(Architect / Professor Emeritus, The University of Tokyo)
Designed by Josiah Conder, known as the father of modern Japanese architecture, Mitsubishi Ichigokan was the first Western-style tenant-occupied office building that sparked the Marunouchi district’s development as a symbol of Meiji-era (1868-1912) modernization. The building, which evokes the days when the street was known as “Itcho London (the London Block)”, has been resurrected as the Mitsubishi Ichigokan Museum, Tokyo. We spoke with an architect who has been involved in many museum and art gallery projects about the significance and potential of the restoration.
The Mitsubishi Ichigokan Museum, Tokyo: Preserving Local Memory for the Future
Part of the role of architecture is as a repository for, and entryway into, the memory of the place being occupied. The Mitsubishi Ichigokan Museum is a museum housed in the restored Mitsubishi Ichigokan, Marunouchi’s first office building, and was conceived as part of the redevelopment plan for the district.
Urban redevelopment is often a humdrum affair, and generally involves building a skyscraper or two and leaving it at that, but in the Marunouchi area it has been a bit different. Buildings that embody local history, such as the Tokyo Station building, the Industry Club of Japan Hall, and Dai-ichi Seimei Hall (present-day DN Tower 21) have been respected and preserved to the greatest possible extent, and I believe the restoration of Mitsubishi Ichigokan perfectly epitomizes this mentality.
Among the old business conglomerates, while Mitsui’s patronage underpinned Edo Period (1603-1868) culture centered on the Nihonbashi district, it can be said that Mitsubishi’s patronage supported the modernization of Tokyo from the Meiji era onward. The red-brick Mitsubishi Ichigokan stands as a symbol of this new era, when “Edo” became “Tokyo.” Originally, the site was home to barracks and training grounds belonging to the Army Ministry, but the authorities decided to offload it to the private sector, and it was acquired by Mitsubishi.
Conversion of Marunouchi into a commercial district was part of Tokyo’s urban planning being advanced by the Meiji government, and as it faces directly on to the Imperial Palace, it was considered vital to make Maruonuchi a symbol of Meiji modernization of the Japanese economy. For this reason, I believe, Mitsubishi sought to develop a Western-style district of stone and brick architecture based on a British model. In that sense, Mitsubishi Ichigokan is perhaps the ideal architectural embodiment of the role Mitsubishi played from the Meiji era onward, and it is highly significant that the building was restored, in this manner and at this site, to its state during its heyday.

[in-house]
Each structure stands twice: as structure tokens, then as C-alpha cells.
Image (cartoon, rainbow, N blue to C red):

With towering skyscrapers sprouting all around it, the Mitsubishi Ichigokan Museum looks just a bit incongruous. Even fifty years from now the building will be a reminder of the past, hinting at what the area was once like, while at the same time it paradoxically breathes life into new development in the surrounding area. No doubt there were various options for methods and techniques of restoration, but I think it’s good that the approach taken was as faithful as possible to the original design, building materials, and construction methods.
Reaffirming the Role and Significance of Museums
In our present age the art museum, and in Japan the term for “art museum” itself (bijutsukan), may be undergoing drastic change. Around the end of the Meiji period, OKAKURA Tenshin wrote, “If we at least had buildings permanently dedicated to exhibitions of art, it would contribute to the development of art in our nation,” and this marked the origin of the art museum in Japan. When we trace this history, however, we find that today many public bijutsukan have become “large-scale rental galleries” rather than museums in the sense of buildings permanently dedicated to exhibition of art. Their interiors are blandly neutral white-cube spaces with state-of-the-art air conditioning and lighting equipment, and in some respects it is necessary to operate and administer them in this way, but can they really be called “museums”?